The latest military coup in Burkina Faso comes at a time when a special military tribunal comprising both military and civilian officials had put on trial 14 men responsible for Sankara’s assassination. Among them was Compoare, who is being tried in absentia. He has been given asylum in neighbouring Ivory Coast. After the coup, the case has now been adjourned indefinitely.

President Kabore, who was re-elected in 2019 to serve a second term, had installed a statue of Sankara in the capital along with a mausoleum, a cinema theatre and media library in his memory. Now that he has been deposed, the future of the trial is in doubt.

However, the main factors that have triggered the coups in Burkina Faso and Mali are related to domestic and international issues. Both the countries have been witnessing a rise in terror attacks from extremist forces aligned to Al Qaeda and the I.S. in the last couple of years. It was the intervention of the French military that prevented extremist forces from taking over northern Mali. In Burkina Faso and Niger, the same extremist groups have been targeting civilians and the armed forces. Thousands of civilians have been killed since 2018 and millions more displaced by the violence. An attack in November 2021 left more than 50 Burkinabe soldiers dead. That tragic event was exploited by sections of the army to justify the staging of the coup two months later.

In Mali and Burkina Faso, a strong resentment has been building up against the failure of French and forces from North Atlantic Treaty Organisation (NATO) countries deployed in the region. A decade after the French forces intervened in Mali, the influence of the extremist groups has spread even wider and the security situation in the Sahel region has further deteriorated. The announcement by the French government last year that it was sharply reducing its troop presence in Mali despite the increase in terror attacks infuriated the Malian government. France was accused of abandoning Mali in “mid-flight”. The people in the region have not forgotten the policy of “Francafrique” practised by French governments after decolonisation. Under the policy, France propped up venal authoritarian rulers who protected its vested interests in the continent.

The new military governments of Mali and Burkina Faso have openly stated that if the French forces are unable to deal with the threat posed by extremist forces, then they should pack up and leave. After the military staged its latest coup in Burkina Faso, they were greeted by crowds, many of them waving Russian flags. Russian military contractors belonging to the Wagner Group, a private Russian company, have been deployed in the Central African Republic (CAR). They have been credited with restoring calm in country within a short period of time after their deployment. The CAR was torn by civil strife for most of the last decade. There are calls in Mali and Burkina Faso for the French military force to be replaced by Russian peacekeepers.

In early February, another attempted coup was narrowly thwarted in the West African state of Guinea Bissau. The presidential palace was under siege from a renegade faction of the military for more than five hours. However, President Umaro Sissaco Embalo has claimed that the attack was the work of “the criminal underworld” who were unhappy with his efforts to fight corruption and drug trafficking. He said that a former Navy admiral and his associates who were convicted for transporting cocaine to the U.S. in 2013 were behind the violent coup attempt. More than 12 people were killed.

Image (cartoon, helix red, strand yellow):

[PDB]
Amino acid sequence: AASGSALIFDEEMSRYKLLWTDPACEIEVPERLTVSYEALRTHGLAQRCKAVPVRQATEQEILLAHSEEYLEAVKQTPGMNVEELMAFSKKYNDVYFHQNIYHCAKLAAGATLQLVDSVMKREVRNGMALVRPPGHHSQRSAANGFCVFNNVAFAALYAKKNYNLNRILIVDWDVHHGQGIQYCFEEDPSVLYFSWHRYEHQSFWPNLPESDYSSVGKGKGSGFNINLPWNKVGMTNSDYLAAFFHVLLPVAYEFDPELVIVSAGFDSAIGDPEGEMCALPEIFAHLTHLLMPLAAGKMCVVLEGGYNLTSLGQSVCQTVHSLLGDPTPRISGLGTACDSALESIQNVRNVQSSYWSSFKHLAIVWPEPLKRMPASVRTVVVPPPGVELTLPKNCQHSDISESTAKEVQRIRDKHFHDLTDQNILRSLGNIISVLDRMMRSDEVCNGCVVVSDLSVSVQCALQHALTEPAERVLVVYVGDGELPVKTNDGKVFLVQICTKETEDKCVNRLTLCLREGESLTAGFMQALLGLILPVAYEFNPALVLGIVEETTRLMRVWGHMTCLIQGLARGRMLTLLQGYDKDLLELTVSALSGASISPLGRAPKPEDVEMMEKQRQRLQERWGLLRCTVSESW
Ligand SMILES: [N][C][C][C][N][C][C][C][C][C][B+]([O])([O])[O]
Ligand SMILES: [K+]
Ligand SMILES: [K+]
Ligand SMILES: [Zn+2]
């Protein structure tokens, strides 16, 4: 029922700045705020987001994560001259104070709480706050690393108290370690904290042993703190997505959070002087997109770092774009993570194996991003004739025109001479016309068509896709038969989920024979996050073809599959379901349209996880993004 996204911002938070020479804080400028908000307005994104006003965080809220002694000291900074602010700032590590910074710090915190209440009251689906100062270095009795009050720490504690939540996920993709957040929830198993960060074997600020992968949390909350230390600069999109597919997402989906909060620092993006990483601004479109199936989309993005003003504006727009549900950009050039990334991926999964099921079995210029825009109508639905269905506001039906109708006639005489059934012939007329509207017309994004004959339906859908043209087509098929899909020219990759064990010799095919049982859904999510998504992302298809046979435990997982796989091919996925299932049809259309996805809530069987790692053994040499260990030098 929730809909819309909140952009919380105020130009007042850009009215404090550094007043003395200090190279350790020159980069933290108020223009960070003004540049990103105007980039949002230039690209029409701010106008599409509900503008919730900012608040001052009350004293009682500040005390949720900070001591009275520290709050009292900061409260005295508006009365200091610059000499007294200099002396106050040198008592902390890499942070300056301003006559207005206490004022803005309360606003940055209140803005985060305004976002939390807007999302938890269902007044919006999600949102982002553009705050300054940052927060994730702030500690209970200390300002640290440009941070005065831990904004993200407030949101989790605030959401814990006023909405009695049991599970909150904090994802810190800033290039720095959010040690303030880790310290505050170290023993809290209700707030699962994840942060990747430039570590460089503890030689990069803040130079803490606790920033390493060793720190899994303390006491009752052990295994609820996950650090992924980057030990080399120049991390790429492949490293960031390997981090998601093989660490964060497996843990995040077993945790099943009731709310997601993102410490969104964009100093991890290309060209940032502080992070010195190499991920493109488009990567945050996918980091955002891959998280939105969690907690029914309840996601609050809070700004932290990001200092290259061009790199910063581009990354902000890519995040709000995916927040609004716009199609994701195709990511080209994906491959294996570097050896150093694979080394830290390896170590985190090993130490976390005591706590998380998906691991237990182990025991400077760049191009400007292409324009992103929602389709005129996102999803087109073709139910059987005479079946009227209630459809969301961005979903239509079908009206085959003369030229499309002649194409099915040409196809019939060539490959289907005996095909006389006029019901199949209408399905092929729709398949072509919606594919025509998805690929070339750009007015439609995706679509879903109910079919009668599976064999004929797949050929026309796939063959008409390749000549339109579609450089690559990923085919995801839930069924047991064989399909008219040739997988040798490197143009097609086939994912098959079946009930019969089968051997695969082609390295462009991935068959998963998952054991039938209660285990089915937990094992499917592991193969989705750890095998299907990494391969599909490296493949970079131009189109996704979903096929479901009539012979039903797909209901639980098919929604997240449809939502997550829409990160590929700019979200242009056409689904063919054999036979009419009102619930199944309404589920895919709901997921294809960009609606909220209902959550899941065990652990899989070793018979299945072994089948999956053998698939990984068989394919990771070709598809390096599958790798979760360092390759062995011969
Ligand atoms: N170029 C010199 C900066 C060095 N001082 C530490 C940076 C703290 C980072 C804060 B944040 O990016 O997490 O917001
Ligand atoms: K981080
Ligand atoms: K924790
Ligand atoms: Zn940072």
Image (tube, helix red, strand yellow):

President Embalo said that the same group was responsible for the murder of the former President Joao Bernardo in 2009. Sections of the Army were implicated in his murder. Guinea Bissau, a former Portuguese colony situated on the West African coast, has become a notorious transit hub for narco-trafficking between Latin America and Europe. All the country’s major institutions, including the army and political parties, have come under the influence of narco-traffickers.

Sanctions imposed

The ECOWAS as well as the African Union (A.U.) have suspended Guinea, Mali and Burkina Faso after their elected governments were overthrown. The ECOWAS has imposed punitive sanctions on Mali for defying calls to reinstate the civilian government. Elections in the country were scheduled to be held in February, but now the military says it intends to remain in power for the next five years. The European Union (E.U.) has also decided to impose sanctions. Mali is already ranked among the poorest countries in the world. It ranks 184th out of 189 countries in the 2020 Human Development Index.

The sanctions seem to have further angered the Malian populace, already reeling under extreme economic hardship. The sanctions and criticism from the regional grouping and the West have only bolstered support for the putschists in Mali, Burkina Faso and Guinea. Guinea and Burkina Faso have said that they will not close the land borders with Mali as decreed by the ECOWAS. Both Mali and Burkina Faso are landlocked countries while Guinea has a coastline.

After the string of recent coups in the region, the ECOWAS is facing a credibility crisis. If the military-led governments are allowed to have their way, it will encourage other young army officers in member states to follow suit. In Guinea, the main reason why the coup was popular was because the civilian President Alpha Conde had exceeded his constitutionally mandated two-term limit. In Ivory Coast, President Alassane Ouattara commenced his third term in office last year although the constitution had originally stipulated only two terms. The Presidents of countries such as Cameroon and Equatorial Guinea have been in power for more than three decades. The ECOWAS has not been able to do anything about the democracy deficit in many of its member states.